Accentuating the Positive

“Some people grumble that roses have thorns; I am grateful that thorns have roses!” Alphonse Karr, A Tour Round My Garden, 1855.

It’s all about ‘perspective.’ When we see things from a positive perspective, chances are that they will work out better for us. This does not mean that we should cultivate a Pollyanna-Positive-Thinking mode, thus denying unpleasant issues that need attention. But, if one deals with what comes along with a more positive perspective or outlook, the outcome will tend to work out better.

Studies show that happier people tend to be healthier. According to the Mayo Clinic, positive thinking brings about many health benefits, such as:

  • Better psychological and physical well-being
  • Lower rates of depression
  • Better coping skills

Whether we are conscious of it or not, we go through the day with sporadic thoughts. Have you ever stopped for a moment to focus on what you were thinking? Our minds are constantly wandering from one thought to another, and so many times, we are unaware of what we were thinking. Some of us have more negative thoughts than positive; others may have more positive ones.

Mayo Clinic experts advise that if we focus our attention on the more positive thoughts, we will tend to be happier. Again, this is hard to do since we spend so much of our time not really being conscious of the thoughts that are going through our minds. But, if we could catch ourselves and turn our negative thinking into a more positive perspective, we would tend to be happier.

According to the Mayo Clinic, the key to being healthier is how resilient we are at handling the hard balls that life throws at us. A person with a more positive perspective will, in turn, better handle these surprises. Experts believe that happy people tend to “compartmentalize” and “create boundaries,” which helps them handle situations with less stress.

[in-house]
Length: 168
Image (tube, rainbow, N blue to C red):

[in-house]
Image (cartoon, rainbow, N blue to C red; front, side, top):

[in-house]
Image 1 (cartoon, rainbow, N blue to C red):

And it gets better… studies are showing that not only does positive attitude correlate with better health, but older people who “feel good about aging,” have better chances at recovering from a disability.

The Yale School of Public Health conducted a study on a group of 598 individuals who were 70 years and older. The respondents were divided into two groups: having positive versus negative attitudes about aging (feel good versus bad about aging). The groups were interviewed on a monthly basis and requested to answer home-based assessments every 1 1/2 years for 10 years.

They found that the group that held positive attitudes, who had positive feelings about older people and being older, were +44% more likely to recover from a difficult disability. Recovery was defined as the ability to perform four activities: bathing, dressing, moving from a chair, and walking.

This ties in with Dr. Gladys McGarey’s positive philosophy of Aging Into Health. No matter what our health status may be, we have the capacity to heal and become healthy. It is a different perspective where we treat disease as only one facet of the many aspects of our lives. We are whole physical and spiritual beings, and we take personal responsibility for our lives by listening to the practitioner as a coach and following the ‘Doctor Within’ that guides us through our health process.

Wherever you are in life, whatever disease-state you may be in, and no matter your age, you are still healthy and whole. Joe is crippled and wheelchair-bound because of an accident. He could sit in his wheelchair and dwell on his misfortune, feeling sorry for himself. Or, he could get on with it and embrace life, in spite of his physical challenges. He could treat his physical problem as only one aspect of his life. He could carve a happy and healthy life, in spite of the disabilities that are trying to hold him back. Illness is only one facet of life. It offers a doorway to healing on many levels, including the possibility of growth. Life itself is healing and age is not our enemy.

We have so much to live for. With a positive attitude, let’s enjoy the process…

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